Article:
Unspecified work for Alfred Joseland, Wine Merchant and Brewer (Messrs Joseland), of 7 Foregate Street.
MESSRS. JOSELAND AND SONS’ BREWERY, &c Having lately described two new breweries at present in full operation in this city, it now becomes our pleasing task to give a sketch of a third establishment, which the old firm of George Joseland and Sons have recently completed.
“…making new Sword & Scabbard and cleaning / monument in Cathedral” for Captain Everard, Norton Barracks. Monument to the 29th (Worcestershire) Regiment erected by the Earl of Strafford to Officers, N.C.O.’s and Privates of the 29th (all of whose names are recorded) who fell on the Banks of the Sutlej, India, December 1845. The base is surmounted by a standing figure of a soldier with his sword held in his right hand and pointing downwards.
26.05.1891 to 20.11.1893
“…repairing marble Figure” / “…repairing figure on pulpit including / Material” / “…repairing sword of figure 29 Reg / including Material” for the Dean & Chapter Worcester Cathedral.
Image #2: WORCESTER CATHEDRAL 3568 | “AERO PICTORIAL LTD., 137, REGENT STREET, LONDON, W.A”. / AERO PICTORIAL AIR VIEW / Copyright Air Photograph
…reference to the work of restoration…and on the assertion made therein…calculated seriously to damage the professional reputation of the architect to the Dean and Chapter and the ingenious artists employed as sculptors under his direction… THE TRUTH. In full consciousness of the great interest attaching to the carvings, Mr Perkins, the architect, and the sculptors Mr Forsyth and Mr Boulton, who have been successively employed under him, have taken extraordinary care for their preservation… [Worcester Herald]
COMMUNICATIONS TO THE EDITOR. WORCESTER CATHEDRAL CARVINGS. … The carver and sculptor, Mr. R. Boulton, not Forsyth and Boulton, as appeared in Saturday’s Herald, is a person of acknowledged ability… JAS. BENNETT AND SON Birmingham, March 22nd, 1862. [Worcestershire Chronicle]
Image #1: “WALKED” / 17/6/91 Drinking Fountain St Anns Well. Malvern | MALVERN / 10.30AM / 1 SEP 1949 / WORCS / Dear Doris / Having most / wonderful time. / Went to Theatre / last night. / Dermot Walsh film star / in “Stars Bow Down”. Long letter to follow. / Rained all night. / Most beautiful morning. / Love Jean.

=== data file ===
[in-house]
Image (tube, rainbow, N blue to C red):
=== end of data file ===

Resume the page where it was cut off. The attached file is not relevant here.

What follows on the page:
Image #2: St Ann’s well, Malvern 74797 | EXCLUSIVE COPYRIGHT REAL PHOTO / PUBLISHED BY THE REAL PHOTOGRAPH CO LTD GRAPHIC WORKS TUNBRIDGE WELLS
MALVERN. NEW FOUNTAIN AT ST ANN’S. – a gift which will be greatly appreciated by thirsty climbers of the hills. Mr. W. Forsyth was the sculptor. The water flows from a dolphin head into a pretty shell-shaped basin, the support of which is carved in hart’s-tongue ferns. A tablet tells to whom the visitors are indebted for the gift, and contains these lines, composed by the Rev. W. Blake Atkinson, rector of Bradley, near Redditch:
Drink of this crystal fountain. / And praise the loving Lord, / Who from the rocky mountain / This living stream outpoured; / Fit emblem to the holy fount / That flows from God’s eternal mount.
Crockets again, must be arranged further apart, and pinnacles must be more lofty when situated at the top of a building or tower, than they would be if the same pinnacle were intended to be near the eye. The same rule holds good with regard to capitals, canopies, and other features that are liable to lose their apparent height by foreshortening.
– James Kellaway Colling: ‘Gothic ornaments, being a series of examples of enriched details and accessories of the architecture of Great Britain. Drawn from existing authorities’, 1850
Image: Imperial Hotel (now Malvern St James Girls’ School), 2012
This was to be the sign – “But she, the goddess herself, gave to them to prevail over the dwellers upon earth, with best-laboring hands in every art. And by their paths there were the likenesses of living and of creeping things; and the glory was deep. For to the cunning workman, greater knowledge comes, undeceitful.”
An infinitely pregnant passage, this, of which to-day you are to note mainly these three things: First, that Athena is the goddess of Doing, not at all of sentimental inaction. She is begotten, as it were, of the woodman’s ax; her purpose is never in a word only, but in a word and a blow. She guides the hands that labor best, in every art.
The victory given by Wisdom, the worker, to the hands that labor best, is that the streets and ways, κελευθοι, shall be filled by likenesses of living and creeping things.